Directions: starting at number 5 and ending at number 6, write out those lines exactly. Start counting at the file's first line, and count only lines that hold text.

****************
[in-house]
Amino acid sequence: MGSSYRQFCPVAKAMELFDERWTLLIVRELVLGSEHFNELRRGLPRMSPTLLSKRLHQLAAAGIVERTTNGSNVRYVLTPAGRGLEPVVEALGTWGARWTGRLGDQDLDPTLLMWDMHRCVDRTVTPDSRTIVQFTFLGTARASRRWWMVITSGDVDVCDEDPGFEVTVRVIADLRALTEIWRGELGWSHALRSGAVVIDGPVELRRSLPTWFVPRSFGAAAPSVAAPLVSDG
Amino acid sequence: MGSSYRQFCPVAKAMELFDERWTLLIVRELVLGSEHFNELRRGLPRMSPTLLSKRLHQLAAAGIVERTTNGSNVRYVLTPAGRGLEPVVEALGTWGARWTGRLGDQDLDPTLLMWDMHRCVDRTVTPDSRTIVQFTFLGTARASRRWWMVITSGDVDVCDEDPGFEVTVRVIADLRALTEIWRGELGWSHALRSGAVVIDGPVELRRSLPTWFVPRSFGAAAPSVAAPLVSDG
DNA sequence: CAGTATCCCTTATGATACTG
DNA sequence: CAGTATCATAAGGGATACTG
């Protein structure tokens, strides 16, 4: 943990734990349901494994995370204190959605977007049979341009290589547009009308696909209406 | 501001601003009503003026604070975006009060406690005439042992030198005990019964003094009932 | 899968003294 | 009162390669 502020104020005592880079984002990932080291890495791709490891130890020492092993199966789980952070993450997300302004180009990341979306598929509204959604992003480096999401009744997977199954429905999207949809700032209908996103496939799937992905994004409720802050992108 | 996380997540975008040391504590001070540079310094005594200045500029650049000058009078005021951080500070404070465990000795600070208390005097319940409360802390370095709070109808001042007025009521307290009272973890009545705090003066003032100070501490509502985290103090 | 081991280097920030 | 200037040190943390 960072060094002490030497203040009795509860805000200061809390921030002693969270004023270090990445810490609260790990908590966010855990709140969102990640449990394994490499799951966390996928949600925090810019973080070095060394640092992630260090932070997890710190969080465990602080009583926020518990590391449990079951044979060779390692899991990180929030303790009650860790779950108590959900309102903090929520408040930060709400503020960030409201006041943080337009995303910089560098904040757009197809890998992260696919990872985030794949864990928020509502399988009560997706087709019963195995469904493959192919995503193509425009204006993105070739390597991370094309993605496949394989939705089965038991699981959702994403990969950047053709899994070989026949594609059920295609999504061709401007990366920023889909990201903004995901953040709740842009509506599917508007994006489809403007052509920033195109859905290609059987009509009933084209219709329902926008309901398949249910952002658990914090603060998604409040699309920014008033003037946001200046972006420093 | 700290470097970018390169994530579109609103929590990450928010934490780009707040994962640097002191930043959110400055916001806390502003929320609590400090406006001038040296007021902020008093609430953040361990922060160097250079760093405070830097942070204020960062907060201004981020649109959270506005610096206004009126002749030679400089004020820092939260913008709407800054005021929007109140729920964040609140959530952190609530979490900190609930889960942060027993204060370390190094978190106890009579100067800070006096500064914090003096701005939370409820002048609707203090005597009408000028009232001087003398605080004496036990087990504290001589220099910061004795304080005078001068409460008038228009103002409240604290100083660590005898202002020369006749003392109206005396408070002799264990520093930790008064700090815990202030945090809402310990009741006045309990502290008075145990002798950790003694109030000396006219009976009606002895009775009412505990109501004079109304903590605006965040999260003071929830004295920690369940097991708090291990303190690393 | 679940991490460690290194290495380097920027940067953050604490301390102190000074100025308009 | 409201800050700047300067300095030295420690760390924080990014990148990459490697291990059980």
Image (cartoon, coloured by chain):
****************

DNA sequence: CAGTATCATAAGGGATACTG
């Protein structure tokens, strides 16, 4: 943990734990349901494994995370204190959605977007049979341009290589547009009308696909209406 | 501001601003009503003026604070975006009060406690005439042992030198005990019964003094009932 | 899968003294 | 009162390669 502020104020005592880079984002990932080291890495791709490891130890020492092993199966789980952070993450997300302004180009990341979306598929509204959604992003480096999401009744997977199954429905999207949809700032209908996103496939799937992905994004409720802050992108 | 996380997540975008040391504590001070540079310094005594200045500029650049000058009078005021951080500070404070465990000795600070208390005097319940409360802390370095709070109808001042007025009521307290009272973890009545705090003066003032100070501490509502985290103090 | 081991280097920030 | 200037040190943390 960072060094002490030497203040009795509860805000200061809390921030002693969270004023270090990445810490609260790990908590966010855990709140969102990640449990394994490499799951966390996928949600925090810019973080070095060394640092992630260090932070997890710190969080465990602080009583926020518990590391449990079951044979060779390692899991990180929030303790009650860790779950108590959900309102903090929520408040930060709400503020960030409201006041943080337009995303910089560098904040757009197809890998992260696919990872985030794949864990928020509502399988009560997706087709019963195995469904493959192919995503193509425009204006993105070739390597991370094309993605496949394989939705089965038991699981959702994403990969950047053709899994070989026949594609059920295609999504061709401007990366920023889909990201903004995901953040709740842009509506599917508007994006489809403007052509920033195109859905290609059987009509009933084209219709329902926008309901398949249910952002658990914090603060998604409040699309920014008033003037946001200046972006420093 | 700290470097970018390169994530579109609103929590990450928010934490780009707040994962640097002191930043959110400055916001806390502003929320609590400090406006001038040296007021902020008093609430953040361990922060160097250079760093405070830097942070204020960062907060201004981020649109959270506005610096206004009126002749030679400089004020820092939260913008709407800054005021929007109140729920964040609140959530952190609530979490900190609930889960942060027993204060370390190094978190106890009579100067800070006096500064914090003096701005939370409820002048609707203090005597009408000028009232001087003398605080004496036990087990504290001589220099910061004795304080005078001068409460008038228009103002409240604290100083660590005898202002020369006749003392109206005396408070002799264990520093930790008064700090815990202030945090809402310990009741006045309990502290008075145990002798950790003694109030000396006219009976009606002895009775009412505990109501004079109304903590605006965040999260003071929830004295920690369940097991708090291990303190690393 | 679940991490460690290194290495380097920027940067953050604490301390102190000074100025308009 | 409201800050700047300067300095030295420690760390924080990014990148990459490697291990059980």